A week passed, Ipundi and Gwedule had not returned. Women sympathized with Mai Ipundi and Mai Gwedule whose husbands many believed were eaten by the wild beast. Mai Ipundi and Mai Gwedule accused the chief of killing their husbands. His chieftaincy was attacked and many people aired out their disappointment in the narrow mindedness of their chief who had failed the people in time of need. It was a common knowledge that the emissaries were either killed or lost their way in the evil mountains. Ordinarily on average a person travels two days to Ntchisi and another two days back home.

On the second week, one bright morning a green Toyota Land Cruiser ploughed into the chief’s yard. Two game rangers bearing rifles jumped off the car and briskly walked over to the chief’s house. The people who were camping outside the chief’s house in their makeshifts hut spilled out of their huts and watched helplessly at the two armed rangers. Many people thought the rangers had brought the exhausted Ipundi and Gwedule. Mai Ipundi and Mai Gwedule ran to the car and peeped inside believing that their husband had been brought home. There was no one in the car; they returned to their huts weeping loudly.

An hour later, people learnt that the rangers were sent from the district headquarters to corner and kill the animal. In the afternoon as the sun rays were petering out, the two rangers strolled around the village pompously in their leaf green uniform, bowler hats, highly polished boots carrying their rifles. They made enquiries from the people who were attacked by the beast about how the animal looked like. Many people said the animal looked like a rabid hyena others said it looked like a bear. Others said it had a head of a man and a body of a lion.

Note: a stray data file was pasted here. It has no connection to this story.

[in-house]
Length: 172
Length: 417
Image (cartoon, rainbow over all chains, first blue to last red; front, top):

With the game rangers around people felt very safe and went to bed early that day for the first time since the wild beast started attacking the people. The two rangers had erected their tent next to the chief’s house. At night as game rangers were sitting outside warming themselves from the fire they had built and vigilantly on the guard, a strange sound of animal was heard from the distance. It was the wild beast. Two elderly men got out of their hut and alerted the rangers that the sound they were hearing was that of the mysterious beast. The rangers got up violently and picked their rifles and pranced around the village. After the animal had stopped crying there was a long silence punctuated by cries of crickets and an owl far off in the mountains. After walking around the village for an hour the rangers returned to their tent.

Thirty minutes later, the wild beast caught the rangers off guard. It pounced on one ranger; the other ranger got his rifle as the animal was fighting with the other ranger but failed to shoot. The animal jumped on them and started maiming them and cut off an arm of one ranger and ran into the bush. The other ranger picked up his friend and bundled him up into the car and raced to the hospital.

The next day people were very appalled not to see the rangers around. When they had learnt that the animal had attacked one of the rangers, some people could not believe that the rangers had failed to kill the animal.

In the afternoon, the people gathered at the chief’s house. The chief and his Indunas had selected five strong men to look for Ipundi and Gwedule.

‘My people!’ cried the chief, ‘you have seen that the wild beast cannot be killed by the white man’s weapon, one ranger has lost his arm.’

He paused.